Armies Battles and Sieges Colours and Standards
















Örjan Martinsson

A Swedish battalion in the battle of Düna painted by Daniel Stawert.

The uniform worn by the Swedish soldiers in the Great Northern War is the most iconic in Swedish history and is commonly referred to as the “Carolean Uniform”.  In the popular imagination it consisted of a tricorne hat, a knee long blue coat with yellow turnbacks, collar and small cuffs together with yellow breeches and knee long stockings. Furthermore, the coat would have horizontal pocket flaps with five corners and up to seven buttons.  This is the classic appearance of the Carolean uniform and it is usually the one shown in modern illustrations.

The so called "Older Carolean
Uniform" which probably
never saw widespread use

However, a long held opinion in uniformology has been that there were two distinct Carolean uniforms, separated by the year 1706, and that only the younger uniform looked like the classic Carolean uniform. The older uniform had a coat with no collar, large cuffs, and double vertical pocket flaps on each side. The basis of this claim is a preserved coat in the Swedish Army Museum which is dated to the late 17th century. The only other preserved coats are from the Norwegian campaigns of 1716 and 1718, worn by Charles XII, his brother-in-law Frederick of Hesse and lieutenant Drakenhielm (the latter might however be a recycled coat from the 1690s and is conspicuously missing a collar). This view is presented as a fact in Erik Bellander’s book “Dräkt och uniform” from 1973, which is the major work of reference for the evolution of Swedish uniforms. But since then more research has been done on this topic, casting doubts on the theory of an older and a younger Carolean uniform.

Nyland drummers from 1696
who neither wear the "Older"
or the "Younger" Carolean
uniform. Contrary to the
picture, Swedish drums
usually had the same motif as
the colours.

The most extensive research of Carolean uniforms has been done by Lars-Eric Höglund and unlike the more general approach of Bellander his work covers each individual regiment in the army. He has gradually abandoned the traditional theory of the so called “Older Carolean Uniform” being in use until 1706. The first version of his uniform book (in Swedish) was published in 1995, with an English translation the following year. In that book he argued that the older uniform must have been abandoned already in the early 1690s because of all the modern features in uniforms from that time. To cover the resulting time gap he proposed to introduce the concept of a third Carolean uniform type (the intermediate Carolean uniform) which according to him evolved into the younger uniform which he still dated to 1706.

However, Höglund’s view had changed even further when he later began to publish uniform books covering Sweden’s opponents. These consisted of two volumes in Swedish from 2003-04 which were then published in a combined volume when it was translated to English in 2006. In the preface to the first of the Swedish volumes, Höglund noted that an old illustration from 1696 contained a picture of drummers from Nyland regiment who clearly were not wearing the uniform issued to them in 1696. Hence it had to be the one which had been issued to them in 1688. But the uniform did not look like the so called Older Carolean Uniform, instead it looked like the uniforms worn in the Scanian War 1675-79. Höglund’s conclusion was that the preserved coat in the Army Museum most likely was a rejected prototype and that the Swedish army continued to use the Scanian War type uniform until it was replaced by the classic Carolean Uniform in the 1690s.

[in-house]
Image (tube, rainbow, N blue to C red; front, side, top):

The Coat

Before the Swedish army adopted the Carolean Uniform they wore the uniform used during the Scanian War 1675-79. Its main component was the “justaucorps”, a knee-long coat of French origin which spread to all of Western Europe during the latter half of the 17th century and would then be the dominant fashion for well over a century. It came to Sweden c. 1670 and replaced the older jackets, which originally had ended at the waist although they too had gotten quite long at the time the justaucorps arrived. The Carolean coat would evolve from this early justaucorps, with most of the changes intended to make it more suitable for campaigns rather than to imitate civilian fashion.

The main differences between the Scanian War coat and the classic Carolean coat were the former’s larger cuffs, no collar, no turnbacks and rectangular pocket flaps. The pocket flaps were however in both cases horizontal so in that regard nothing changed, if indeed the preserved Army Museum uniform was just a rejected prototype.  The Scanian War coat also had “edges” (lace) in the facing colour. The row of buttons on the front covered the entire length of the coat until 1706 when they were supposed to end at the waist. But even in the 1670s there were no buttonholes below the waist so those buttons were just decorations.

These changes may however have been implemented gradually and frequent regimental variation makes it even more difficult to point to a certain date as the “birth” of the Carolean Uniform. The Guard had for example collars already in the 1670s. The traditional date of 1687 is nevertheless still useful since the most visually striking change was implemented that year. On 29 May 1687 Charles XI ordered that all infantry colonels should be sent letters with blue cloth samples, declaring that their regiments henceforth should dress their regiments in coats with that colour (and in most cases this also meant yellow facings).